If we want to find a potential multi-bagger, often there are underlying trends that can provide clues. Amongst other things, we'll want to see two things; firstly, a growing return on capital employed (ROCE) and secondly, an expansion in the company's amount of capital employed. Ultimately, this demonstrates that it's a business that is reinvesting profits at increasing rates of return. However, after briefly looking over the numbers, we don't think DCC (LON:DCC) has the makings of a multi-bagger going forward, but let's have a look at why that may be.
Return On Capital Employed (ROCE): What is it?
If you haven't worked with ROCE before, it measures the 'return' (pre-tax profit) a company generates from capital employed in its business. To calculate this metric for DCC, this is the formula:
Return on Capital Employed = Earnings Before Interest and Tax (EBIT) ÷ (Total Assets - Current Liabilities)
0.082 = UK£427m ÷ (UK£7.9b - UK£2.7b) (Based on the trailing twelve months to March 2020).
Thus, DCC has an ROCE of 8.2%. On its own that's a low return, but compared to the average of 6.3% generated by the Industrials industry, it's much better.
In the above chart we have a measured DCC's prior ROCE against its prior performance, but the future is arguably more important. If you'd like, you can check out the forecasts from the analysts covering DCC here for free.
What Can We Tell From DCC's ROCE Trend?
There are better returns on capital out there than what we're seeing at DCC. The company has consistently earned 8.2% for the last five years, and the capital employed within the business has risen 114% in that time. Given the company has increased the amount of capital employed, it appears the investments that have been made simply don't provide a high return on capital.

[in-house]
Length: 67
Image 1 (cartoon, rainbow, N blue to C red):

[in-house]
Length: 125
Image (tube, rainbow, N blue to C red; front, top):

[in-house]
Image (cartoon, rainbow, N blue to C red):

Long story short, while DCC has been reinvesting its capital, the returns that it's generating haven't increased. Since the stock has gained an impressive 55% over the last five years, investors must think there's better things to come. But if the trajectory of these underlying trends continue, we think the likelihood of it being a multi-bagger from here isn't high.
Like most companies, DCC does come with some risks, and we've found 1 warning sign that you should be aware of.
While DCC isn't earning the highest return, check out this free list of companies that are earning high returns on equity with solid balance sheets.
This article by Simply Wall St is general in nature. It does not constitute a recommendation to buy or sell any stock, and does not take account of your objectives, or your financial situation. We aim to bring you long-term focused analysis driven by fundamental data. Note that our analysis may not factor in the latest price-sensitive company announcements or qualitative material. Simply Wall St has no position in any stocks mentioned.
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